Section 399 of the Criminal Code of Canada is a crucial piece of legislation that outlines the legal consequences associated with fraudulent activity relating to public revenue. This section of the code aims to encourage transparency and accountability among government officials who have been entrusted with public funds. The section applies to any individual who has been entrusted with the receipt, custody, or management of any part of the public revenue. This includes government officials, agents of the government, and any other person who has been authorized to manage public funds. It is important to note that the section applies to both individuals who collect public funds and those who manage them. The section outlines that any individual who knowingly furnishes a false statement or return of any sum of money collected by him or entrusted to his care, or any balance of money in his hands or under his control, is guilty of an indictable offense and liable to imprisonment for a term not exceeding five years. This means that fraudulent activity relating to public revenue is considered a criminal offense in Canada, and those who are found guilty can face significant legal consequences. The purpose of this legislation is to prevent fraud and ensure the proper management and use of public funds. It aims to promote transparency and accountability among government officials, and to protect taxpayers' interests by ensuring that public funds are being used for their intended purposes. This legislation is particularly relevant in the context of public audits and financial reporting. Auditors and other financial professionals have an important role to play in ensuring that public funds are being used appropriately and in accordance with applicable laws and regulations. They must exercise due diligence and report any suspicious activity related to public revenue. In conclusion, Section 399 of the Criminal Code of Canada plays a crucial role in promoting transparency and accountability in the management of public funds. It is important that government officials and other individuals entrusted with public revenue understand their legal obligations and responsibilities in this regard. The section serves as a reminder that fraudulent activity relating to public revenue will not be tolerated, and those who engage in such activity will be held accountable.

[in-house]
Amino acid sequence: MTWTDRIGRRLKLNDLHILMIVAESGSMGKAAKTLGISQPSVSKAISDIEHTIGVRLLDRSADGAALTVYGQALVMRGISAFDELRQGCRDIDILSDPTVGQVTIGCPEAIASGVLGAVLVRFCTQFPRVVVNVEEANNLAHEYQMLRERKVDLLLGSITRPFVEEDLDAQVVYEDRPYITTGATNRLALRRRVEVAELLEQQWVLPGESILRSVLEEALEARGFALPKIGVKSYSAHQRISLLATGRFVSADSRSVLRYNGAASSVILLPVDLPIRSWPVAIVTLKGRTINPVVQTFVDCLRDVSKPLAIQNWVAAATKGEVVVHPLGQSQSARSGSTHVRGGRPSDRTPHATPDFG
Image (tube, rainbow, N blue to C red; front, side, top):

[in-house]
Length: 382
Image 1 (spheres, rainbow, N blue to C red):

When dealing with section 399 of the Criminal Code of Canada, there are several strategic considerations that should be taken into account. This section deals with individuals who are entrusted with the receipt, custody, or management of any part of the public revenues. These individuals are responsible for handling public funds and ensuring that they are properly accounted for. Below are some strategic considerations and strategies that can be employed when dealing with this section. Consideration 1: Evidence One of the most important considerations when dealing with section 399 is the evidence that is available. To secure a conviction under this section, the prosecutor must prove that the accused knowingly furnished a false statement or return of public funds. The evidence that is needed to prove this may include financial records, bank statements, and witness statements. Strategy 1: Collecting Evidence The prosecutor must ensure that all necessary evidence is collected and preserved. This may involve obtaining financial records from banks or other financial institutions, interviewing witnesses who have knowledge of the accused's financial activities, and conducting forensic accounting. Consideration 2: Elements of the Offence To secure a conviction under section 399, the prosecutor must establish all the elements of the offence. This includes proving that the accused was entrusted with the receipt, custody or management of public funds, and that they knowingly furnished a false statement or return. Strategy 2: Focusing on Proven Elements The prosecutor should focus on the elements that are most likely to be proven, and build their case around them. For example, if the accused has already admitted to providing false statements, the prosecutor can focus on establishing that the accused was indeed entrusted with the public funds in question. Consideration 3: Defences There are several defences that can be raised when dealing with section 399. The accused may argue that they did not knowingly provide false statements, or that they were not entrusted with the public funds in question. Strategy 3: Addressing Defences The prosecutor should anticipate these defences and address them in their case. For example, they can present evidence that the accused was indeed entrusted with the public funds, or demonstrate that the accused had knowledge of the falsity of the statements they provided. Consideration 4: Sentencing If the accused is convicted under section 399, the sentencing options include imprisonment for up to five years. The court may also order restitution or fines. Strategy 4: Pursuing Sentencing Options The prosecutor should consider the appropriate sentence to seek if the accused is convicted. This may involve seeking a sentence of imprisonment, restitution, or fines. The prosecutor should be prepared to argue for the sentence that they believe is appropriate given the circumstances of the case. Conclusion Section 399 of the Criminal Code of Canada is an important section that deals with the management of public funds. When dealing with this section, the prosecutor should consider the evidence, elements of the offence, defences, and potential sentencing options. By being strategic in their approach, the prosecutor can increase the likelihood of securing a conviction and obtaining an appropriate sentence.